It’s been a very warm, dry period down in the south of the country and the word on the wire is that the drought is set to continue. Climate breakdown really isn’t helping matters and, with the situation likely to continue unless we dramatically change some of our behaviours (across the board of course, not just in the garden) then establishing these good habits during hot spells will serve us all well for the future. So, to help you conserve water responsibly this summer, as well as looking after your plants, here’s some useful advice from our team on preparing your garden for heat.
Let your lawn go brown
Well-established lawns can withstand a period of drought. They’ll recover and turn green once rain has come. Focus watering on trees, shrubs and perennials.
This will ensure that your plants aren’t competing with weeds for light, moisture and nutrients from the soil.
To prevent evaporation of water from the surface of the soil, mulch the soil around plants with straw or bark. It will also help fend off slugs, snails, and weeds.
Get a water butt
Saving rain water in the garden means you’re minimising water use with an energy cost attached to it. If you really want to go for it, fix a water butt to every rainwater downpipe on your house, shed, greenhouse, conservatory or garage.
Water slowly and deeply
Watering deeply is more efficient than a sprinkle as this encourages root growth. Watering slowly is also better for plants so it soaks in rather than running off. With this approach, you can afford to water less-regularly (but keep an eye on tell tale drooping signs and soil moistness).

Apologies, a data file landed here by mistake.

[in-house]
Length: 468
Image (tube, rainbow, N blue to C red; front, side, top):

Avoid fertiliser in a drought
Feeding plants encourages them to grow tender growth more quickly, therefore they’ll be using up more water.
Avoid heavy pruning of trees and shrubs
They’ll need those branches to retain water. Better to leave it until its cooler.
Consider denser planting
The fewer patches of bare soil there are, the less moisture will be allowed to quickly evaporate from the surface of the soil. Mulch can overcome this too, but a full flower bed is going to retain moisture better than a sparsely planted one. If you have some gaps, consider plugging them with bedding plants.
Be mindful of water use
Do you have a paddling pool this summer? Is there a vase of flowers on the kitchen table? When you’re done with them, or any other type of neutral-ish water (though perhaps avoiding washing up water, for example, due to the soap content), don’t just empty this away – it will be very welcome on your flower beds! In fact, this principle really stands the whole year round.
With the above in mind, we can all take a few small steps towards keeping our gardens looking fantastic, and being responsible, eco-conscious gardeners whilst we’re at it.